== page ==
Are you OK? Ruthen, who started at WeWork just two months ago, was attending the annual event for the first time. This year 8, people from around the world headed to Eridge Park, a wooden area 40 miles southeast of London, for a long weekend of music, food, outdoor activities, and opportunities to improve their skills or learn more about themselves. Most attendees were employees at WeWork, a number that has more than doubled over the past year to include more than 6, people. Despite the size of the crowd, Ruthen says it felt like a community. For a lot of WeWork staffers, the seventh annual Summer Camp was a chance to bond with colleagues. This was especially true for the more than 3, people in attendance who had been with the company six months or less. It was a gathering sponsored by the employee group We of Color that made her feel included. As his entire team from WeWork Latin America stood around them and cheered, she smiled and accepted. Contreras says that WeWork Mexico general manager Eduardo Molina, who also happens to be a friend from college, convinced him to pop the question at Summer Camp.
Site Information Navigation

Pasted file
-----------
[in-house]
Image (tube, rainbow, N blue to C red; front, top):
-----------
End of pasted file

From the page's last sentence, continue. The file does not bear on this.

Annual event makes employees feel ‘like we really are all in this together’
There are many elements to the corporate culture at The We Company which would give any moderately reasonable person cause for concern, some of which are highlighted in a brand new business story from New York magazine. WeWork has been around since , thus placing it perfectly within the tradition of hugely ambitious new companies founded near the beginning of the 21st century which have notoriously hardcore camaraderie traditions. Silicon Valley, particularly, has long been under the spotlight for its evidently rampant sex parties and free-flowing access to drugs. At WeWork, according to journalist Reeves Wiedeman, alcohol has been integral to its office culture. Another former employee told New York that during her job interview with Neumann, the co-founder offered her tequila, which was apparently his favorite. We get it: you like to have control of your own internet experience.
It was late August, the beginning of the off-season for summer camps like the one at which the event was held. After a five-hour bus ride from New York City, Mr. Heath and the nearly 1, other people who attended Summer Camp found themselves in a wilderness expanse spread out over acres of tennis courts, pine trees and bare-bones wood cabins on either side of Raquette Lake in the Adirondacks. Heath, 31, is the co-founder of Bombas , a company that sells socks over the Internet. By Friday afternoon, he happily greeted a group of friends who were arriving. On a ferry shuttling them between the girls camp and boys camp outposts, Mr. Heath and his cohort could be seen plotting their weekend. There would be work, perhaps. There would be play. For Mr.